Prospect Watch: Here are eight MLB candidates worth watching during the College World Series

The 2022 NCAA Men’s College World Series will begin on Friday after eight teams punched tickets to Omahara, Nebraska in recent weeks. These groups include Texas A&M, Oklahoma, Texas, Notre Dame, Stanford, Arkansas, Auburn and Ole Miss. The national champion will be named before June 27th.

With that in mind, this week’s Prospect Watch aims to highlight one player from each team who could call his name next month in the Major League Baseball fan draft. Note that the groups are presented in alphabetical order and most of the groups have multiple candidates to choose from.

Arkansas: Cayden Wallace, 3B / OF

Wallace played a full roster at third base in 2022, having split time before, both in the first season with the Razorbacks and then in the Cape Cod League, between the hot corner and the outside corner. He hit .299 / .393 / .554 with 15 home runs and 17 doubles as a 20-year-old in the SEC game, and did so while improving his strikeout and walk rates. Wallace is a sophomore, but his performance and chances of staying in third base should get him off the board in the first two rounds. Right-hander Peyton Pallette and inside player Robert Moore, the son of Royals manager Dayton Moore, should also go quite high in the draft.

Auburn: Sonny DiChiara, 1B

DiChiara, a transfer from Samford, scored 22 home runs and 17 more walks in the SEC with a .320 / .460 / .665 strike. As good as his season has been, he has to face the uphill battle to be relayed in the first two rounds. He is a senior right-hander who is older (he will turn 23 before the end of July) and is a right-winger who offers limited defensive value.

Our Lady: Jack Brannigan, 3B / RHP

Brannigan is a two-man player who has appeared as a third baseman in more than 50 games and has stepped on the mound 11 times during the season. It remains to be seen what role the professional team will prefer, as there are pros and cons on each side. He is a very talented defender who has hit .296 / .361 / .557 this season with 12 home runs, although he did so while posting a 2.55 strikeout-a-walk ratio. In the mound, Brannigan has good arm strength and knocked out 28 of the 68 batters he faced, even giving the other eight a walk.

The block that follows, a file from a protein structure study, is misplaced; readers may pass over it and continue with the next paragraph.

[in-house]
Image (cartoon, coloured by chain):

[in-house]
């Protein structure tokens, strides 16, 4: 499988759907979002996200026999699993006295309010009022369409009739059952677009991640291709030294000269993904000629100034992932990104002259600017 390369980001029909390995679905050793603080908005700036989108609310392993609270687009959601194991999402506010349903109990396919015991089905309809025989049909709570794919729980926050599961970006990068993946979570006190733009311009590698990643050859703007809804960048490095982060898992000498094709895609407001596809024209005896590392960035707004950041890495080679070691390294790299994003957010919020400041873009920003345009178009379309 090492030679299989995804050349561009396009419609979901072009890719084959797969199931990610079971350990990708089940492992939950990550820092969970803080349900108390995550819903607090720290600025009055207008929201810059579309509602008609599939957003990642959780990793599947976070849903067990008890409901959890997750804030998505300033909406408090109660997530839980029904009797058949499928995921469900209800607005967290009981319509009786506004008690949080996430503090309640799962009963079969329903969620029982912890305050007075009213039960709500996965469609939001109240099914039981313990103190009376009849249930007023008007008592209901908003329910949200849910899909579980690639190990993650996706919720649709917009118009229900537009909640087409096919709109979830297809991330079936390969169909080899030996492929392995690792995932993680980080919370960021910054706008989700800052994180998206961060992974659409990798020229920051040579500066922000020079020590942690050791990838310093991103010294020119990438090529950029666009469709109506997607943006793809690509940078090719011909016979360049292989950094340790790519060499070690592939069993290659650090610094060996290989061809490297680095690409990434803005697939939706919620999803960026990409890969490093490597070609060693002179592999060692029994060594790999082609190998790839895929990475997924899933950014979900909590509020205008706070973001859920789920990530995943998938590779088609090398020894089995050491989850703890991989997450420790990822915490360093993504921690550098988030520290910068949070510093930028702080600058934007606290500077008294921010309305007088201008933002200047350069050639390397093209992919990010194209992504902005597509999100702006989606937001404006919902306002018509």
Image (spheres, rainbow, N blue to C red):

Oklahoma: Peyton Graham, SS

Graham bounced around the diamond in his season in the Cape Cod League last summer. He played almost exclusively at shortstop this season, hitting .336 / .416 / .660 with 20 home runs and 32 stolen bases (34 tries) on the way. Graham threw more than 2.5 times as much as he walked, and it’s reasonable to question how this will affect professional pitchers. However, some teams are likely with their 6-foot-4 and 171-pound projectable frame, a collection of physical gifts and believing that the best is yet to come. Graham could be off the table among the top 50 teams.

Ole Miss: Hayden Dunhurst, C

Dunhurst has a bit of juice in it, but he won’t be selected by the force of his offensive gifts. (His .802 OPS ranked eighth out of 11 rebels with at least 100 plate appearances.) On the other hand, his catch-and-throw skills – emphasizing in the shot put – should have earned him a selection in the first several times. shifts.

Texas A&M: Trevor Werner, 3B

Werner made 11 pitching appearances in his first two seasons at Texas A&M, but this season he focused only on playing third base. Perhaps the most predictable, he had the best offense so far, hitting .252 / .362 / .487 with six home runs. Werner has a great box (6-3, 220) and has remarkable strength. The drafter will have to work on his approach, as he hit more than 21 percent of the appearances on his plates.

Texas: Ivan Melendez, 1B

Melendez was selected by the Marlins in the 16th round last summer, but was selected to return to Texas. The big 12 pitchers wouldn’t want to. He hit .396 / .516 / .888 on 32 home runs (the most since the one-ball coefficient was recovered in 2011) and four more balls (52) with strikeouts (48) in 65 games. Melendez has a great deal of raw strength to the extent that he has to overcome the tendencies against the first right-wing basemen and be selected at some point in the first 100 selections. The Longhorns also have others who can go on that stretch, including the Silas Wine Catch, the Parachute Trey Faltine, and the leftist Pete Hansen.

Stanford: Brock Jones, OF

Jones is a former footballer who offers power and speed in the woods. He did .327 / .455 / .665 this season with 20 home runs and 15 steals (20 attempts). The catch is that Jones has a tendency to attack, running a K rate north of 24 percent. A team that believes players ’development staff can help maximize Jones’ abundant athleticism can come out as early as the first return late.

Leave a Comment